More heat than light in Cameron's growth plan?

It's back to work Monday, and PM David Cameron and his cabinet chums are revealing - ta-daa - their grand plan to boost the economy.

by Andrew Saunders
Last Updated: 06 Nov 2012
If you need proof that the summer hols are now officially over - apart from the fact that the sun has finally come out - it is that our great leaders are back in harness and full of wizard wheezes that have sprung from their sun-ripened brains over the past few weeks. Most of them to do with re-energising the economy, which despite the best efforts of George Osborne in particular to talk it up remains stubbornly static.

Better late than never, you might say. GDP has been stuck below zero for too long and something should be done about it. Hence the PM"s ‘radical pro-growth agenda’. Trouble is it doesn’t appear to be all that radical, as much of what’s on the table looks very similar to ideas that have already been tried, without much success.

For starters, there’s the latest vow to simplify, slim down, speed up and generally sort out the planning rules. Now, only the deepest of deep greens could deny that the business of applying for planning permission is a complex, fraught and uncertain one that puts off would-be developers. Indeed, some would say that that is the point - raising the barriers to entry in order to maintain the quality of development that does get approval.

All the same, simplification thus sounds like a no-brainer - there aren’t enough houses in the places where people want to live, so making it easier to build more would not only create jobs in itself but facilitate a general economic expansion through making it easier for people to move to where the work is. The Treasury is also, we learn, to offer guarantees to support £10bn spending on new homes.

But this government has already had a stab at planning reform, which ended up a hugely watered down and ignoble failure. In some ways things are worse now than they were before, as local planning authorities struggle for even longer to reconcile the plethora of contradictory laws, codes of practice and recommendations which now seem to apply to anything more complicated than sticking a conservatory on the back of a three-bed semi.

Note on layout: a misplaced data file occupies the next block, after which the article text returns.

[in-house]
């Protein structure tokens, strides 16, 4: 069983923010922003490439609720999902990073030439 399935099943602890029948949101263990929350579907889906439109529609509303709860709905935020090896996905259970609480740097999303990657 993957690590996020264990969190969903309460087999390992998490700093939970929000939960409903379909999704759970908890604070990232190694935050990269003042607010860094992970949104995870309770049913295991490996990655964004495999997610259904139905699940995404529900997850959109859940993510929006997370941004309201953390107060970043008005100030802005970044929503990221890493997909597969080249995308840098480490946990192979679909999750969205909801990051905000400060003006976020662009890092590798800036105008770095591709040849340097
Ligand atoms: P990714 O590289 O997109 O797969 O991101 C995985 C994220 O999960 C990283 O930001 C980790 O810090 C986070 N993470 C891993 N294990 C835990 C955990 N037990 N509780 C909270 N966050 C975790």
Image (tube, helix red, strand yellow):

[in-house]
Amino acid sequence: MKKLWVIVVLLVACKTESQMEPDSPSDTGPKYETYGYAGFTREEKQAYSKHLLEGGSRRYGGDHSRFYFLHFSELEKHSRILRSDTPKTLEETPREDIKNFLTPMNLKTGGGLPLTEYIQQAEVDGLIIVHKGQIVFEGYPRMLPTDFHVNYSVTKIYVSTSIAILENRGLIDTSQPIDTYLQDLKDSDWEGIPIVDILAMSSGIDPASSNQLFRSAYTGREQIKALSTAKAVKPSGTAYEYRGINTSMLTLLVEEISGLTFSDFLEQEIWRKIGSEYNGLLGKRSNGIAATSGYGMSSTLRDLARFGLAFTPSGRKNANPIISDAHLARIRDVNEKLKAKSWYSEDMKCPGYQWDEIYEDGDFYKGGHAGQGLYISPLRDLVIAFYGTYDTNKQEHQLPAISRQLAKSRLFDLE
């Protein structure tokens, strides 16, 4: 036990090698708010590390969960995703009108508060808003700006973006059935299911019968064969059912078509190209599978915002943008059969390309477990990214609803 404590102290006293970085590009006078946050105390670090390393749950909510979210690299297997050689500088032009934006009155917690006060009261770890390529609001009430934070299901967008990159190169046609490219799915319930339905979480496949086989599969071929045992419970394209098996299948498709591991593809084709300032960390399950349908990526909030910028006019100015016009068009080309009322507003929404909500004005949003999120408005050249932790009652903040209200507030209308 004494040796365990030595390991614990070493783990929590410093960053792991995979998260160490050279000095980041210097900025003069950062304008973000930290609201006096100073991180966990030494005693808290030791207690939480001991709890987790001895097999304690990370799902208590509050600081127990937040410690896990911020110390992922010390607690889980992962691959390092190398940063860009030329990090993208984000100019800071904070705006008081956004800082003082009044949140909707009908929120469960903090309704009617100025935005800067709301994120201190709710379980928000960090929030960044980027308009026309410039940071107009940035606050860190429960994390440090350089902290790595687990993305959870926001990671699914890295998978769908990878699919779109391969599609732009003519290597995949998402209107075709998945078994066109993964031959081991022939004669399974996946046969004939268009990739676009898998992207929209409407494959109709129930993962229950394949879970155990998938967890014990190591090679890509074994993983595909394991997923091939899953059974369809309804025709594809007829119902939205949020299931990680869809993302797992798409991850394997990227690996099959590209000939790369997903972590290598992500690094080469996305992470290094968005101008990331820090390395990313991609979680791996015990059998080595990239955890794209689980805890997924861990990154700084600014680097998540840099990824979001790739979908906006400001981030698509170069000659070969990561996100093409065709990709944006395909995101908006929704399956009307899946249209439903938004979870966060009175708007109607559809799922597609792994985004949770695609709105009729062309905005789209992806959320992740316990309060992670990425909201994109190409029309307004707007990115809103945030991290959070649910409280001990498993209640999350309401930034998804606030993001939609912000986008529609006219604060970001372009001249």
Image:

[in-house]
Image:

And yet it managed to avoid utterly tackling the issue of the hallowed Green Belt, a policy which worked well in its day but which is long overdue for review. Another such attempt at ‘reform’ like that one and the whole system could grind to a halt.

Then there’s Chancellor George Osborne’s Big Idea for a Government-backed bank to lend to SME’s. Now, we all know that the reputation of banks and bankers is subterranean at the moment, and that Osborne has found it frustratingly difficult to persuade the Big Four banks to lend money to SME’s. But this policy is dangerously misguided for a host of reasons - for starters, if he seriously thinks that a bunch of Civil Servants is going to be any better at picking winners than professional bankers, he is in for a rude awakening. And how about the notion that there simply aren’t that many SME’s out there looking to borrow big money at the moment? The economy, as you may have heard Mr Chancellor, not being very strong just now. The number one lesson of the post 2008 crisis seems to have fallen on deaf ears at number 11 - that lending money to people or organisations who might not be able to pay it back is a very bad idea.

So, is there anything good in this morning’s big announcements? Yes there is. It is a very sensible proposal to use this Government’s hard-won credit rating and historically low rates on the bond markets to fund judicious investment in major infrastructure projects. So the £40bn of loan guarantees to be provided for this purpose is welcome.

And yet even here, the auguries are not good. After 15 yrs of arguing we appear to be no nearer a solution to the Heathrow expansion vs Boris Island debate, whilst (regardless of the merits of the plan) the on again/off gain nature of the HS2 rail link is also typical. In these crowded islands it seems that it is as often the political will to build, rather than the money, which is lacking…

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